Monday, March 19, 2007

Shake the Box

Over the years, I’ve developed some odd and even innovative means for salvaging a terrible poem. Maybe it’s a poem that, no matter how you revise it, nothing seems to happen, yet you’re not the sort of author to destroy it. You end up stuck with it rotting somewhere in a folder or electronic wasteland in the back of your hard drive. I am this way. It’s the pack-rat mentality in art, and like many, I’ve got it bad. I can’t get rid of anything, even if I’d be embarrassed to ever put my own name on it. What can be done with these lingual chunks of concrete stuck on your hard drive, besides ignore them with the hopes that one day you’ll be ingenius enough to figure out what they need? I have a few tricks that, to date, I’ve horded to myself. These tricks, in all of their forms, represent a sort of revision / rewrite ignition-device that I call ‘Shaking the Box’. It’s similar to jumbling the letters in a Scrabble game before you try to make words with them. I’ll list some of these tricks and, when I’m willing to part with some of the others, I’ll post them here as well.

All of these tactics involve rewriting. These are only diving boards into the mental space you need to be in to rework your poem into something you prefer. They’re idea-sparkers, or at the very least, stave off the boredom that may have infiltrated your routine. Some of these I’ve used to a small degree, and some of them I’ve used heavily. They also work to re-innovate your old, old work that simply isn’t up to par with where you are now.

1. Machine Translation

Machine translation is generally conducted by a program that translates text into another language. You'll find thousands of these online, some free, some online only, etc... It's just a translation program.

I go into phases where I’ll use this often, and then I’ll pass out of it and forget about the process for a few months, maybe a year, but I always come back to this one as a unique and striking means of wiring my head back into poem I’ve previously ditched. Machine Translation works like this: You take a line and use a translation program to translate the line into another language like French, Greek, Jive, whatnot. Since machines aren’t very bright about this yet, you’ll get a very literal translation. Now, take that line of translated material, and have the program translate it BACK into English. What you’ll get is a very literal translation, word for word, not by meaning, of the line. This tends to break up your more anglicized notions into a more communicative, simple, cross-border terminology. This is essentially using a machine as a kind of automated thesaurus, except it's not finding the best word for you, it's finding the closest match in another language, and it's finding that match in a very rigid way.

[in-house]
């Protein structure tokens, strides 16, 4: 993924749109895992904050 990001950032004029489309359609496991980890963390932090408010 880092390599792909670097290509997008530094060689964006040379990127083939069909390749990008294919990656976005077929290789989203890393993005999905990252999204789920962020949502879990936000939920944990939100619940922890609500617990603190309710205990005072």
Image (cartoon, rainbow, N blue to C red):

Let’s use a translating program (we’ll use Systran Personal) to translate this awful line:

“You’re eyes are dumbass satellites, and your breath smells of puberty”

Now, if we go from English to Portuguese, then Portuguese back into English, we get something like this:

“You dumb is eyes is as satellites, and its cheiros of the breath of puberty.”

Okay, sure. What the hell does that mean? Nothing. It’s literal machine-translation. What you would do now is start trying to make a sensical line out of this result. Do whatever you want with it. Destroy it, rewrite it, associate in it a while... ‘Cheiros’ might remind me, just briefly, of the word 'churro', or 'Charon', or ‘charity’, and so forth... You might come up with something for this line like: